Democrat Elizabeth Warren’s plan to cancel existing student loan debt for millions of Americans is facing questions whether it’s fair to use taxpayers’ money to pay off someone else’s agreed commitments and if the people who paid off their student debts would be penalized for meticulous financial planning.
The leading 2020 presidential candidate unveiled her plan on Monday, going further than most of other Democratic candidates when it comes to education policies, pledging to cancel almost all student loan debt for 42 million Americans.
Under Warren’s plan, each person’s student debt would get a relief of $ 50,000 if household income is up to $ 100,000. Higher incomes would also be entitled to massive debt reductions, with only those earning over $ 250,000 would get no student debt cancellation.
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“For example, a person with household income of $ 130,000 gets $ 40,000 in cancellation [of student debt], while a person with household income of $ 160,000 gets $ 30,000 in cancellation,” Warren in a blog post.
But many went on to social media raise their questions about the plan that in their view penalizes those who didn’t go to overpriced schools and honored their commitments by diligently paying their debts.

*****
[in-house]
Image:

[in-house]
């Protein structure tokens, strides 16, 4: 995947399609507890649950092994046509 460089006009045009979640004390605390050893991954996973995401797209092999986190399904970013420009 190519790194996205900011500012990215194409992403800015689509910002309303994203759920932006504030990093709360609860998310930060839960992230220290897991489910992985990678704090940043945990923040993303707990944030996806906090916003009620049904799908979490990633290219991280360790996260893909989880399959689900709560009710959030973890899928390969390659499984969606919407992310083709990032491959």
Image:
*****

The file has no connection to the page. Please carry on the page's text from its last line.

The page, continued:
“Do I get a refund for having chosen a cheaper public university so I wouldn’t be riddled with a ton of debt?” wrote Josh Jordan. “Seriously this is stupid – everyone knows what they’re borrowing when they go through the process and I want no part in paying off everyone else’s student loans.”
“You better retro that and pay back all of us who diligently paid our loans back in full if you pull this bull—-,” wrote a Twitter user.
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“NO! I signed on the dotted line, I will pay it off. I still owe over 40K and I refuse to let you rob me of fulfilling my obligation,” wrote another user.
“But I don’t wanna pay for other people’s college or their college debts,” conservative author Kurt Schlichter summed up the proposal.
According to the details provided by Warren, her student debt cancelation plan has a one-off price tag of $ 640 billion to the government.
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She claims that the cost of the policy, in addition to her proposed universal free college, would be “be “more than covered by my Ultra-Millionaire Tax — a 2% annual tax on the 75,000 families with $ 50 million or more in wealth.”
The Associated Press contributed to this report.